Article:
[Haskell-cafe] (no subject)
Matthew Brecknell
haskell at brecknell.org
Tue Mar 27 22:19:11 EDT 2007
I'm attempting to construct an abstract data type with a generalised
(deferred) representation. For a simple motivating example, say I am
building an abstract data type with this representation:
> newtype Foo1 k e = Foo1 (Data.Map.Map k (Data.Set.Set e))
While this is a fine default representation, I would like to be able to
substitute IntMap for Map or IntSet for Set in cases where k or e happen
to be Int, or simple list-based map and set implementations for types
lacking an Ord instance.
Following is a prototype of the approach I've come up with so far. It's
been quite an adventure just getting this to type-check (due to lack of
experience with MPTCs and FDs), so I'd be grateful for comments on
whether it is likely to withstand use in real programs, other ways to
solve the problem, etc.
> {-# LANGUAGE FunctionalDependencies #-}
>
> -- Map class, with generic newtype wrapper instance.
>
> class MapLike k v m | m -> k v where
> emptyM :: m
> insertWithM :: (v -> v -> v) -> k -> v -> m -> m
> toListM :: m -> [(k,v)]
>
> newtype Map m k v = Map m
>
> instance MapLike k v m => MapLike k v (Map m k v) where
> emptyM = Map emptyM
> insertWithM f k v (Map m) = Map (insertWithM f k v m)
> toListM (Map m) = toListM m
>
> -- Set class, with generic newtype wrapper instance.
>
> class SetLike e s | s -> e where
> singletonS :: e -> s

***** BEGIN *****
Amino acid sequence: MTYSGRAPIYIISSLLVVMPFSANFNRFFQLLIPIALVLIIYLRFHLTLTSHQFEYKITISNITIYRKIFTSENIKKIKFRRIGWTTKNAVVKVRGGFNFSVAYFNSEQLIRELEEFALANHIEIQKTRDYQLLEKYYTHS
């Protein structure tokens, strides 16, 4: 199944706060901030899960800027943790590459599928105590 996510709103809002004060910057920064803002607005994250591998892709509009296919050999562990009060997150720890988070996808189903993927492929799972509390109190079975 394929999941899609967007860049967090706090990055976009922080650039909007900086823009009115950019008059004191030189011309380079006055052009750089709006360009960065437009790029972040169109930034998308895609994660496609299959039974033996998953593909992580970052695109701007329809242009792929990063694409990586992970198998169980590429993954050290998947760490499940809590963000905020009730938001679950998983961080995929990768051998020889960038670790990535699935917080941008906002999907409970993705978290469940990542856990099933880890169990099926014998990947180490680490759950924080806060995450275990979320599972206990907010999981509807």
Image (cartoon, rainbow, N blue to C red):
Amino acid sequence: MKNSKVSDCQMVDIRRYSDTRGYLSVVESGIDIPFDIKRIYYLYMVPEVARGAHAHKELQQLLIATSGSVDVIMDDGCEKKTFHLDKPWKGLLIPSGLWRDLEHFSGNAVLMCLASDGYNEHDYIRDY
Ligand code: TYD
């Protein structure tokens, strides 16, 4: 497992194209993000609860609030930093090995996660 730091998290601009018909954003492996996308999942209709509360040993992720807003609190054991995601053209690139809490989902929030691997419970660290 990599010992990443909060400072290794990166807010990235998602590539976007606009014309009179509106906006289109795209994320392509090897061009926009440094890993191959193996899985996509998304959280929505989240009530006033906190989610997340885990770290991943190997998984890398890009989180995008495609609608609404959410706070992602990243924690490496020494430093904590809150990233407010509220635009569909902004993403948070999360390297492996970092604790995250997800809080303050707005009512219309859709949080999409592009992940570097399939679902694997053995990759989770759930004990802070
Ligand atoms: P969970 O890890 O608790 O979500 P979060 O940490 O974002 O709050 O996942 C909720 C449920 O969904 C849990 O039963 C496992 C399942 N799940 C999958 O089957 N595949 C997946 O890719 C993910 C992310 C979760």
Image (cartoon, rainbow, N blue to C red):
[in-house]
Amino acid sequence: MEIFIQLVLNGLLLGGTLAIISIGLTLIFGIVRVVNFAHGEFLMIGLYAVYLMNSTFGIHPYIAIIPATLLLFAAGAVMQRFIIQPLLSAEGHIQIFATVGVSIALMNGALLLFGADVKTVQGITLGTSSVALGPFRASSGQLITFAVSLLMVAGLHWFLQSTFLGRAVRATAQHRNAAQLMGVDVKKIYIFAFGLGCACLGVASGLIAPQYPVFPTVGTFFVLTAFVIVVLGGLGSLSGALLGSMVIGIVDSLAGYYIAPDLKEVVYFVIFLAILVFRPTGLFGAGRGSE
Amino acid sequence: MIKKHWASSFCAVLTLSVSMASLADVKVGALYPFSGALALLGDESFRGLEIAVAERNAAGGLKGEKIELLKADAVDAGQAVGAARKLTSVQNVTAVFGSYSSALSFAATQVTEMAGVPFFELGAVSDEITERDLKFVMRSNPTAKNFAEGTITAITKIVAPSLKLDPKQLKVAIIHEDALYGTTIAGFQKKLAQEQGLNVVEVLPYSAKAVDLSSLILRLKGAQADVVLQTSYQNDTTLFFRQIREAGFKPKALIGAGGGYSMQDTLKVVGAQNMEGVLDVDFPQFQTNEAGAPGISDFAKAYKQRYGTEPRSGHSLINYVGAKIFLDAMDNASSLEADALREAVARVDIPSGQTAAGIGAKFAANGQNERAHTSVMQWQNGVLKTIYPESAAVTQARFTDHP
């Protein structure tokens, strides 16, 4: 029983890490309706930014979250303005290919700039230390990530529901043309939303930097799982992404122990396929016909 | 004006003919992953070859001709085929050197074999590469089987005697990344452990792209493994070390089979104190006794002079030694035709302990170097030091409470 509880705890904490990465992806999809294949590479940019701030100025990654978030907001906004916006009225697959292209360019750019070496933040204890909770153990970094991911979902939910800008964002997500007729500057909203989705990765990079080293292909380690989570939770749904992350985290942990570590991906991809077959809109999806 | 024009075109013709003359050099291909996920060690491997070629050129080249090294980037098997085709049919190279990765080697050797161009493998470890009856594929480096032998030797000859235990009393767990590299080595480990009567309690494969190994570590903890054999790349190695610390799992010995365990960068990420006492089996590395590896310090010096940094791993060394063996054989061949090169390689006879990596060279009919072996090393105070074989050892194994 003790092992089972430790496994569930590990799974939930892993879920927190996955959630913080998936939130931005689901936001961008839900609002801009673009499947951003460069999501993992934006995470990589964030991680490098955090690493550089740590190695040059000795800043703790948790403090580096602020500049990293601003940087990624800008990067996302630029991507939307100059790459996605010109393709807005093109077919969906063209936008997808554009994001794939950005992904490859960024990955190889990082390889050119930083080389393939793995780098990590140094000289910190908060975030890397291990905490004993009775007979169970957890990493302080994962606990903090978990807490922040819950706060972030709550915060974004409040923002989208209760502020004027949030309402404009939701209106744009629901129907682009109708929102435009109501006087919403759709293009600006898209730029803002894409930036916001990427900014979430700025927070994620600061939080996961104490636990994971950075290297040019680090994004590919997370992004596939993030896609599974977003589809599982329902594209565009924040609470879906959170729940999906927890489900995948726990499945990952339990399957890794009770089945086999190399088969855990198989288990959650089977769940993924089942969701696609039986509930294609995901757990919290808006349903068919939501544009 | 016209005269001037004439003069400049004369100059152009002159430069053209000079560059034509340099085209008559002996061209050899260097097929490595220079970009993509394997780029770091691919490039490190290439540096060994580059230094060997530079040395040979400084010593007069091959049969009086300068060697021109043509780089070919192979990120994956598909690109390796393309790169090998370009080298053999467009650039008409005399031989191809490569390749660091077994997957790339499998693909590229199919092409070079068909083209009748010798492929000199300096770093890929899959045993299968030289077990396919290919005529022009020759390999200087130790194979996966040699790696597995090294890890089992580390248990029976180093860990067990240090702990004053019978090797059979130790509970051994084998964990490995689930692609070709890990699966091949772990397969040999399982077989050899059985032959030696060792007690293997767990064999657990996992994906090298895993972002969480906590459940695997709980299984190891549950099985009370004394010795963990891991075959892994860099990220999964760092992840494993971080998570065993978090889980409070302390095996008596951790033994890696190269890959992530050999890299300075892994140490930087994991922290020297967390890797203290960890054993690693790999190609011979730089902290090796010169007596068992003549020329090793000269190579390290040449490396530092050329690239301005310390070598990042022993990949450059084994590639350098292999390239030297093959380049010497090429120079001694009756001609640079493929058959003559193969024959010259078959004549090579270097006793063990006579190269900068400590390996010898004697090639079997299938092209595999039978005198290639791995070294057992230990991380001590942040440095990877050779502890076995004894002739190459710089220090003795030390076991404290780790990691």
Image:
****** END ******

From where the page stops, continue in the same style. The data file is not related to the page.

> unionWithS :: (e -> e -> e) -> s -> s -> s
> toListS :: s -> [e]
>
> newtype Set s e = Set s
>
> instance SetLike e s => SetLike e (Set s e) where
> singletonS e = Set (singletonS e)
> unionWithS f (Set s1) (Set s2) = Set (unionWithS f s1 s2)
> toListS (Set s) = toListS s
>
> -- Abstract datatype Foo, whose representation is deferred
> -- through the Map and Set newtype wrappers.
>
> newtype Foo m k s e = Foo (Map m k (Set s e))
>
> class FooLike k e s m | m -> k s, s -> e where
> emptyF :: m
> insertWithF :: (e -> e -> e) -> k -> e -> m -> m
> toListF :: m -> [(k,e)]
>
> instance (MapLike k (Set s e) m, SetLike e s) => FooLike k e (Set s e) (Foo m k s e) where
> emptyF = Foo emptyM
> insertWithF f k e (Foo m) = Foo (insertWithM (unionWithS f) k (singletonS e) m)
> toListF (Foo m) = [ (k,e) | (k,s) <- toListM m, e <- toListS s ]
Note that the FooLike class is not strictly necessary to the approach,
since its methods could be written as top-level functions, but I thought
it couldn't hurt. It does have the advantages of consolidating class
constraints in one place, making functional dependencies explicit, and
supporting further composition using the same technique.
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